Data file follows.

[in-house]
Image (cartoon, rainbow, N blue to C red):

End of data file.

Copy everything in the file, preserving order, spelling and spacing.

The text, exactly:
[in-house]
Image (cartoon, rainbow, N blue to C red):